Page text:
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If you SCUBA dive, or just enjoy strolling along a rocky coastline, you may have seen this creature. If you are a gardener, there’s a plant by the same name that blooms in the Fall.

Both of these are called anemones. The ones that live at the Aquarium are the “sea faring” kind but, coincidentally, they do resemble flowers. They are all different colors with their tentacles (use your imagination) somewhat resembling petals. As pretty as they are, they can be dangerous. Sea anemone tentacles have nematocysts, or stinging cells, on the ends that protect the anemone from predators and also catch its food.

While it basically has no enemies, the anemone has a “friend” in the clownfish. Together, they have a symbiotic relationship; they provide a benefit for one another. The clownfish cleans leftover fish and algae from the anemone while the “ocean flower” provides a safe haven between its tentacles for the fish. The clownfish is the only fish that does not get stung by the anemone. It also helps that it is covered with a slimy mucus covering that prevents the anemone from stinging it.

An invertebrate, the sea anemone has no skeleton. Like people, they come in many shapes and sizes. They have a column-like soft body with one opening, a mouth surrounded by those tentacles. An anemone is usually one to four inches across,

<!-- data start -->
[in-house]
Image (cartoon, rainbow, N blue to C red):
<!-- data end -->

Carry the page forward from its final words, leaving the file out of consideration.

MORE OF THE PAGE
but some can grow to be six feet across. There are over a thousand species found in coastal waters around the world, in tide pools and in deep oceans. They live attached to the sea floor, rock or coral. At the Aquarium, they sometimes attach themselves to the exhibit’s glass front.

Some of our anemones have flowerlike names: Powderpuff, Plumnose, Dahlia, Bulb tip and Pacific green. Sea anemones are carnivores. They eat fish, mussels, zooplankton, small crustaceans, tiny marine larvae and worms.

Sea anemones reproduce by lateral fission where an identical animal sprouts out of its side and by sexual reproduction in which eggs and sperm are released, resulting in swimming larvae.

Stop by the Aquarium one of these cold days and be warmed by our colorful “ocean garden” of anemones.
Researched and written by J. Kay
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